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Peek inside the renovated Lindenhurst Historical House Museum

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Summer into fall is peak wedding season on Long Island, and anyone who visits the newly renovated Lindenhurst Historical House Museum will learn such was the case over one hundred years ago, too.

Open to the public for nearly five years at its 272 S. Wellwood Avenue location, the porch of the Lindenhurst Historical House Museum changes with the seasons.

Today, the porch is illuminated with numerous white wedding dresses accompanied by a black velvet tuxedo and top hat. Lindenhurst Village Historian Anna Jaeger explains the wedding gowns currently occupy the seasonal station because a June wedding “was kind of a traditional thing back in the day.”

The museum boasted a celebration of its own this month.

On Sunday, June 6, the newly renovated second floor of the house was officially made open to the public. Now, the house’s bathroom, two bedrooms and sewing station replete with late 19th and early 20th century furnishings are on display for those interested in exploring local history.

Intrigued time travelers can visit the museum on Wednesdays and Saturdays from 2 to 4 p.m. and take a guided tour with Jaeger and museum director Marianne Guglieri.

The village purchased the circa 1915 house and the first floor findings were setup in 2013 after the contents of the Old Village Hall Museum across the street were removed to relocate that building to Irmisch Park to free space for a firehouse expansion. The Village of Lindenhurst Historical Society cares for the house.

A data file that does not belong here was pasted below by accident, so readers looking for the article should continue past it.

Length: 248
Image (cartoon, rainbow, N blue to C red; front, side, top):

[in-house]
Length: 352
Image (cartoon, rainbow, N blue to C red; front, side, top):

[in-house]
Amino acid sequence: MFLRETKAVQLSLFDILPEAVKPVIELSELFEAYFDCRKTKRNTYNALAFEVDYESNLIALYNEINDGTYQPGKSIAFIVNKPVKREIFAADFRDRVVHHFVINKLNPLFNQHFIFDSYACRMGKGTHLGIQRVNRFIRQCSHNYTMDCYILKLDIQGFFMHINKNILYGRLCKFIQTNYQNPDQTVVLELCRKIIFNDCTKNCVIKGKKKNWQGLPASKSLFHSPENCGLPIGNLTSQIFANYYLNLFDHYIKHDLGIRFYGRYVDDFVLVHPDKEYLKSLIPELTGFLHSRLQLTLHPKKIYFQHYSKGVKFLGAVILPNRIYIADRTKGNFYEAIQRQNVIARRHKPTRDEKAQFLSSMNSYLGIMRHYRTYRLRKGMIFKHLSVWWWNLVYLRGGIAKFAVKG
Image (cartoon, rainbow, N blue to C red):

While the COVID-19 pandemic delayed renovations for several months, funding delayed the project as well.

“We’ve been waiting for grants to come through,” Jaeger said. “It’s been a labor of love for the society. We don’t have that much money to work with unless we get grant money.”

The village spent over $350,000 on purchasing the Wellwood Avenue house, relocating the old village hall and renovating the two buildings and used over $255,000 in state and county grants and fundraising.

The first floor

Perhaps the most eye-catching piece in the house, according to Jaeger, sits in a glass case just beyond the entryway.

“We have a baseball signed by Lou Gehrig and Babe Ruth because they came to Lindenhurst in 1930 to do a exhibition game against one of our local teams,” she said. “That catches most peoples’ eye when they come in.”

Up next is the parlor, the home’s hub for entertaining family and guests, according to Jaeger. The room features a Victrola record player boasting 78 rpm vinyl records, a stereoscope and a litter of instruments.

“The instruments all come from somebody in Lindenhurst that donated them,” Jaeger said. “We like to have them in the Parlor because most likely on a Sunday afternoon you’d come into the Parlor somebody would play some instruments for the family.”

Across the room from a Civil War soldier’s organ rests one of Guglieri’s favorite pieces “We have a desk that belonged to one of the founders of what was Breslow back in 1870, which is now Lindenhurst.” The founder was Thomas Welwood, an Irish immigrant whose name – albeit misspelled – marks the village’s main street, Wellwood Avenue.

Welwood and his wife Abby’s descendants donated the desk to the historical society, and some members of the family came to visit the piece during the museum’s recent ribbon-cutting event, Guglieri said “The desk is in beautiful condition and its something that we are really glad we have.”

The parlor also boasts furniture from the old Nehring Hotel, a location now occupied by the Belfast Gastropub.